What Makes a Substantive Book Review?
Reviews that lack substance suggest that either the author’s friends all jumped in to boost the ratings or that a group of enemies (or a single person with multiple aliases) wished to impede the author’s success; both scenarios are common. Discriminating readers can tell shill reviews and defamatory reviews instantly, but not everyone is so discriminating. Sometimes good reviews backfire or the “bad guys win;” that’s show business.
It’s easy to praise or condemn but judgment without qualification is hollow and meaningless. Share what you liked about the book and what you didn’t. If you think the book will be enjoyed by people with certain tastes or interests, but not so much by others, say so—that’s not a strike against the book or the writer, and your review will help get the book into the hands of the “right” readers. Did you like the descriptions? The character development? Was the plot plausible or did the story require too much effort to maintain suspension of disbelief? Was the book too long? Did the story take a while to get going? If so, was it worth the wait? Have you read other books by the author or in a similar genre? How does this book compare? Did you find spelling errors and grammatical problems or was the book well-crafted? Do you agree or disagree with other reviewers? On what points?
Book Reviews: Snares and Pitfalls
I know a writer who used a Vanity Press to publish her book. She took the “publisher” up on its offer to send 100 prerelease copies of her book to its list of “qualified reviewers” at her expense. Not only did that fail to produce a single review, it resulted in an avalanche of cheap “used” copies of the book on eBay that made it almost impossible to sell new books on her own. If you do send out review copies, mark them as such and send them only to people who have agreed to read and review them. Whenever possible, send eBooks as review copies.
I don’t know why this is—I suppose it’s one of the “Murphy’s Laws” of publishing—but if you give away a book, it rarely gets read. I hate selling books to friends, but friends are much more likely to read and review your book after they make an investment in it. I explain that I’m heavily invested in writing and research time and production costs, and that as much I’d like to give copies to everyone I know, I simply can’t afford to. My real friends understand. I once made the mistake of offering free copies of a new book to members of my local writing group who agreed to review it. All were good people who meant well, but I received very few reviews.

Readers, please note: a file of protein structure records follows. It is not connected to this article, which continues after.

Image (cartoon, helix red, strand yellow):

Quality matters. I read somewhere that dissatisfied customers are seven times more likely to post a complaint than satisfied customers are to post a compliment. If “good enough” is your standard, be prepared to be publicly eviscerated as soon as readers discover your typos, grammatical oversights and low standards.
Book Reviews: Don’t Worry Mon
You can’t express any point of view without upsetting someone; sooner or later, someone will hate your book. If that negative review pulls your five-star average down, you may wish to respond but still that impulse. You can’t please all the people all the time, but few readers will write you off on the basis of a few bad reviews if those conflict with a stack of good ones. I’ve seen many bad reviews posted by people who clearly didn’t “get it.” In fact, a few bad reviews provide contrast against which the good reviews can shine more brightly. Take your lumps with grace—even if a reviewer posts evenhanded and well-founded reasons for not liking your book. We’re all growing as writers. Though it’s no fun to be chopped down in public, the voice of insight and experience is a gift. Nobody writes a perfect book and we can all learn from valid criticism (that’s why smart writers hire professional editors).
Book Reviews: Wrapping it Up
Whether you buy review services, ask readers to post their opinions, or become a reading-worthy book reviewer, understand that the process of gathering reviews takes time. As you encourage people to read and evaluate your work, consider the quality of your sources. Whether they realize it or not, your prospective readers will be reviewing your reviewers by considering whether or not their comments are useful; one insightful, articulate review is better than a dozen fluffballs any day. Ultimately, there’s one best way to get good reviews—write well enough to impress perceptive readers.